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Be careful with the notion that the West needs to ‘adopt Israel’s anti-terror strategies’

[additional-authors]
November 19, 2015

Not long after the end of operation Tzuk Eitan, better known among non-Israelis as Protective Edge, some high ranking visitors from the US Air Force paid a visit to their Israeli counterparts to learn about the methodologies and the lessons of the IDF from the battles in Gaza. The reception was generous, and the presentation thorough: here is what we did, the Israelis said, here is how we did it. The guests were shown videos of several attacks in which a “knock on the roof” procedure was used to warn civilians from the actual attack. They were exposed to some of the deliberations that took place before bombings, and to some of the occasions in which a military strike was canceled because of this or that moral consideration. No military in the world goes to such length to avoid hitting civilians. The Israeli Air Force, a senior military officer told me earlier this week, goes much further than the demands of international law. The IDF is much stricter in enforcing cautious policies than all other militaries that operate, in the Middle East and beyond.

He was not the only one to say that. The American guests – professional military men – also said that. And they said that with more than a kernel of criticism: you are creating a problem for us, they told the Israelis. If we are expected to follow such procedures, if we are expected to maintain such a level of cautiousness, it will be a problem for us. The Israelis had their response ready: you are a superpower. You will never be bound by what Israel does or does not do.

In Israel, the days following the Paris terror attacks were days of sober head-nodding. The we-told-you-so attitude was in full bloom. The it-is-time-for-the-world-to-realize tune was sung by the common people and by the commentators and by some of the less-careful leaders. Indeed: it is time for the world to realize that some of its policies (marking the wine of Samaria settlers) are futile, that some of its conventional slogans (‘Israel is using excessive force’) are ignorant, and that some of its knee-jerk reactions (‘Palestinian suffering is the root cause for everything’) are wicked. It is time for it to realize that Israel knows how to deal with terrorism better than most of them and is doing it, generally speaking (with all the necessary caveats about Israel being imperfect), in a way that does not impinge on its desire to remain a place that respects human rights and human life.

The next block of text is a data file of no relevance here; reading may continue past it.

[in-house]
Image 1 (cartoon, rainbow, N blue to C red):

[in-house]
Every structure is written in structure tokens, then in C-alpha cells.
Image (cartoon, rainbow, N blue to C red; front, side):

Last year, I was involved in conducting and writing a long study – Jewish Values and Israel’s Use of Force in Armed Conflict: Perspectives from World Jewry – from which I learned that at least when it comes to the Jewish world these realities are generally known and accepted. Jews hardly agree with all of Israel’s policies, but they do understand that “regarding Israeli actions in general over the past few years… most Jews feel that Israel has been meeting their ethical expectations.”

So now more voices in Israel are being raised to argue that it is time for the world to learn from Israel. Leaders, citizens and pundits make this argument, and the Times of Israel’s David Horovitz was notable among them in his latest article: “France, the United States and the rest of the West are now grappling with many of the anguishing dilemmas we have lived with for years,” he wrote, and then went into detail: “How do you maintain your liberties, the West is asking itself, while tackling enemies who abuse all freedoms? What kind of laws need to be enacted? Who do you allow across your borders? Under what circumstances should preventive arrests be made, and suspects held without trial, and the internet surveilled, and incitement constrained? Not easy, is it?”

Of course, Horovitz is right. Maintaining liberties while fighting terrorism is difficult. And Israel knows better than most how to do this.

But Horovitz – giving voice to a sentiment that is widespread among Israelis – also advocates for “the leaders and security chiefs of France and the rest of Europe and North America reach out to those Israeli counterparts they’ve so often judged and critiqued, to benefit from our bitterly accumulated experience in fighting Islamist terrorism.” And with this argument, the picture becomes more complicated, as one has to ask, “reach out” to what end?